Don't forget about vertical space! Walls and fencing are just as fair game as the ground. Make use of this space by implementing attractive vines and creepers, hanging lights, sconces, or even picture frames and mirrors.
Sectioning off segments of your garden in strong shapes on a diagonal will make it look like your garden is wider and longer. Define areas of grass, pavement, and landscape with borders of rocks or bricks to break up big sections and add texture and interest.
3. Draw your plans. Once you've decided which elements you want to include, and have a better idea of how to utilize your space, draw it out on paper. When you have an accurate (and to-scale) drawing of how things will be laid out, it'll be much easier for you (or anyone you work with) to make sure your finished garden looks exactly as it was planned.
Consider your view from your home while drawing your plans. You want your garden to be appealing when you walk through it, but it should also look beautiful from your bedroom window as well. A sense of symmetry balanced in landscaping and hardscaping will make sure your garden develops into part of your home's pleasant view.
Think about where you'll put your "hidden area." This could be anything from a secret spot where you can enjoy your wine on summer evenings, to a clever hideaway that prevents trash and compost cans from becoming eyesores. This outdoor space has a smart space to tuck away a barbecue, trash can, or spare bit of patio furniture while not in use.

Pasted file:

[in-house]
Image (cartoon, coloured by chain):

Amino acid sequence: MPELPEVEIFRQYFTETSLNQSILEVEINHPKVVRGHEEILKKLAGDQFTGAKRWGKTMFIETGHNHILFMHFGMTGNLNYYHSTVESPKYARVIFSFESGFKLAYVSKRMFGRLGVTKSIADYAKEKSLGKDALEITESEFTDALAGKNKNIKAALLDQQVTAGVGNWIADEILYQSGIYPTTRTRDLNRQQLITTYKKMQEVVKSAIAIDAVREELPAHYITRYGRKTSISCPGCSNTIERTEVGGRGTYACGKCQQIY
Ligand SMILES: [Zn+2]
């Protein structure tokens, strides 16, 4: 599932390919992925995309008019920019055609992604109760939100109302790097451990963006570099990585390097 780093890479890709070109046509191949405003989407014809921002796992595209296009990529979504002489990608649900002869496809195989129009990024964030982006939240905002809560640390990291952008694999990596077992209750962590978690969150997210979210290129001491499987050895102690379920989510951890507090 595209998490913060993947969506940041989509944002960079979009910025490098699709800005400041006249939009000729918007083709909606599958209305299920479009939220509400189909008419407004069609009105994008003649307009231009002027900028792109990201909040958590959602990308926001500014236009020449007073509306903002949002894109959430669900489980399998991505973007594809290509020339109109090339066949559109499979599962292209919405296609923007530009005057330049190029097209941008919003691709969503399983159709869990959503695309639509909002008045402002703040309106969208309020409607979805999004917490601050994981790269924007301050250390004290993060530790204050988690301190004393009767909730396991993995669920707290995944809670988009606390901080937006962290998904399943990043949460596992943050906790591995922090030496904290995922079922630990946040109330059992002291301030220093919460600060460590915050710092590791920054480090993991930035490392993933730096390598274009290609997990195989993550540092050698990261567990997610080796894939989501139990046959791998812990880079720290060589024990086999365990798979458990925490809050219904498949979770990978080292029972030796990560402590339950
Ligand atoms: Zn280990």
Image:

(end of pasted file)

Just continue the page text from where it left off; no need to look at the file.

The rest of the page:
4. Stick to a consistent, simple style. Make your theme and color scheme simple. Putting too much product in too many styles can quickly become overwhelming. You want your garden to be a soothing place. This space is very minimalistic, and while it has quite a few benches/accessories, they're all in the same neutral tone — creating a smooth and seamless design.
Adding a focal point at the end of your garden will automatically draw the eye in that direction, visually lengthening the space. Interchanging a section of the fence with this stone wall and bright shutters provides a functional focal point. The windows in the wall let light in, making sure that the wall doesn't completely block the view beyond. A fountain, urn, or statuette at the end of a garden would serve a similar use.
If you have a small garden, this space gives you a great excuse to play with design. Try adding special details that you'd normally find indoors to increase the sense of space. Mirrors are a great way to create an illusion that the space is larger than it actually is.
Add mirrored balls next to a pathway or nestled in your landscaping to spread light around. These balls also accomplish the same space-enlarging effects as a standard mirror, but with more of a playful twist.
Keeping plants in low (or no) borders makes a garden look wider, while adding different levels gives a sense of texture and dimension to this backyard oasis.
These levels are a great way to work with a backyard space that is set on a hillside. Instead of fighting the hill — work with it! Adding raised flower or vegetable beds would provide the same effect, and require less maintenance than gardens with borders.
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Ideabook published on May 17, 2011.